Rarely, though, do we hear the phrase applied to us as Christians, do we?  When have you ever heard anyone describe a Baptist church as ‘avant-garde’?

Yet, that is exactly the role Jesus envisioned for his followers as he walked among them.  They were the avant-garde of the Kingdom of God.  We today–yes, even us, University Baptist Church, as much as it may strain us to see it or to believe it—we are to be the Community of the Avant-Garde of Christ’s Kingdom.

You may be asking yourself, what in the world does that mean?  Well, I’m glad you asked.  Let’s see if we can begin to find an answer.  Let’s begin by looking at an example of avant-garde, such as this painting on the cover of our worship bulletin this morning.

The painting is entitled ‘The Madonna of Port Lliad’.  The artist, Salvador Dali, painted it in 1950.  Now I know, strictly speaking, Dali was a Surrealist artist, but I think for our purposes this morning we can agree that Salvador Dali was also an Avant-Garde artist.

We’ll just make a few cursory observations of Dali’s depiction of the Madonna with Child.  Let’s start with the most obvious thing to note:  there’s painting of the Madonna with the Christ-Child on the cover of our worship bulletin this morning!  What in the world is a Roman Catholic icon doing on the cover of a Baptist worship bulletin?  It may prompt us to think about the long-standing hostility between Protestants and Roman Catholics.  It may stir up our own feelings about things Roman Catholic, feeling we’d rather not consider.

Let’s move in a little further.  There appears to be a sea shell at the bottom, center, of the painting.  And, look, there’s a big conch shell floating in the air there to the Madonna and Child’s left – our right.  But, especially, we see this much larger scalloped shell directly over head, at the top center of the painting.  What’s Dali got going on with these floating sea shells?

And what’s that hanging down from that big scalloped shell over top of everything?  It looks like an egg.  Indeed, it is an egg.  Well, that’s just plain weird, isn’t it?  Dali has sure got a messed vision of the Madonna and the Christ-Child, doesn’t he?

Until, you recall, that sea shells became a symbol of Christian pilgrimage.  The sea shell reminded Christians of when they would go on pilgrimage, leaving their homelands and crossing the sea to reach the Holy Land.  Ultimately, the sea shell came to stand for the pilgrimage every Christian is on, until we cross over that final sea to Heaven’s shore.  And, we recall that the egg became a Christian symbol of new life, especially the gift of Eternal life from above.  That’s why eggs are so important at Easter.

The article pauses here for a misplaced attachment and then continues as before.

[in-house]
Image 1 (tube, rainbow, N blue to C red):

O.k., Dali, I’ll give you credit for the sea shells floating around in your painting, and I’ll give you credit for the egg suspended from above.  But, drilling right on down to the heart of your painting, what is going on in the middle of Madonna’s torso and in the middle of the Christ-child’s torso?  It looks like Dali painted big, empty spaces, taking away almost their entire torso’s.

Was Dali implying that there’s really nothing at the heart of the Madonna and Child?  Was Dali saying that, in reality, the Christian faith is just one big empty illusion?  If the greeters could have handed out magnifying glasses with the bulletins, you could take a much closer look at those big square holes Dali painted in the middle of the Madonna and the Christ-Child.  What you would see is that those openings are windows.  If you look through those window, you can see far off into the distant horizon that Dali painted.

You notice those little figures to each side that line the way off toward that horizon?  Those look like they might be angels, don’t they?  And you notice what they’re floating over?  They’re floating over a large body of water, like a sea.  Maybe, they’re lining the way across this sea that ends on Heaven’s shoreline off there beyond the horizon.

Looking through the windows the Dali painted at the heart of the Madonna and the Christ-child, you see this horizon that lies at the center of Dali’s painting.  Maybe Dali wanted us to consider if we meditate upon the life of Mary, if we meditate upon the life of Christ, we will find a window opening up in our own hearts, through which we might find our way to God.

There is a whole lot more going on here in this piece of art than first meets the eye.  At first glance, we see Dali’s painting, and we react: how weird it all is and odd and perhaps even so off-putting that we don’t want to even bother with it.